January 21, 2018


The Government Shutdown Effect: Big In The Short Term, Small After That (Harry Enten, 1/20/18, 538)

[P]rior shutdowns haven't had long-term electoral implications. Republicans recovered on the generic ballot by February 1996, just a month after the final shutdown of that period ended. And in the elections later that year, they held onto their majorities in both the House and Senate. Clinton, meanwhile, recovered his lost support by March 1996. He would go on to easily win reelection later in 1996.

Basically, America put the same people who shut the government down back in office.

The 2013 shutdown tells the same story. Despite losing the blame game, Republicans jumped to a lead on the generic ballot by late November 2013 -- their first of the year. In the 2014 midterms, they expanded their majority in the House and won back the Senate. Meanwhile, Obama continued a long-term decline in his approval ratings in the months following the 2013 shutdown, but recovered to his pre-shutdown approval level by April 2014.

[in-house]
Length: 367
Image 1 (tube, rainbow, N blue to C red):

Obviously, we're dealing with a very small sample size in terms of historical examples. We don't have a ton of polling with which to examine the political effects of prior shutdowns. So, perhaps this shutdown will prove different. Americans list dissatisfaction with government as the most important problem facing the country. In such an environment, the government shutdown could, for example, be held up by Democrats during the midterm campaign as the ultimate demonstration of the inability of Republicans to get things done on an issue (DACA) that most Americans support.

But your safest bet right now -- at least until we get more polling as this story unfolds (or ends) -- is that the long-term electoral effects of the shutdown will be minimal.

Democrats have nothing to lose from the shutdown and important relief for immigrants to gain.

Posted by at January 21, 2018 10:12 AM